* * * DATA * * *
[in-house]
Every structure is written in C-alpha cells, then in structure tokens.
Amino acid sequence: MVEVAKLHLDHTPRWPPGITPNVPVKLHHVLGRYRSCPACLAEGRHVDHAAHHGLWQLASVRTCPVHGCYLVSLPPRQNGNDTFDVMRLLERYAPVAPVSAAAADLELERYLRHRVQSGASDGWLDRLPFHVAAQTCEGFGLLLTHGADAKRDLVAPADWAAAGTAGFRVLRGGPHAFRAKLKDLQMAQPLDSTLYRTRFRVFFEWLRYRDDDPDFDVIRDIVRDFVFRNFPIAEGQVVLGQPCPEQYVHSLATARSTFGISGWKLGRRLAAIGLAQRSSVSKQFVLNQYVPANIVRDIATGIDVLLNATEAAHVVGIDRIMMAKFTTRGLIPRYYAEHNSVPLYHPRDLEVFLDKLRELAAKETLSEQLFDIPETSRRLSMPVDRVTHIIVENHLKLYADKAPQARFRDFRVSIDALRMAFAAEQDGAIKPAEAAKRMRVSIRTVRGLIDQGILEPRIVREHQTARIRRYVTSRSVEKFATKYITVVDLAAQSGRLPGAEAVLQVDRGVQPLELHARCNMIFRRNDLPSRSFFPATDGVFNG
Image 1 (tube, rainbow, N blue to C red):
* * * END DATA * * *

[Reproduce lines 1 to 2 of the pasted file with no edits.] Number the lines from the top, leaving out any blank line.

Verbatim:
[in-house]
Every structure is written in C-alpha cells, then in structure tokens.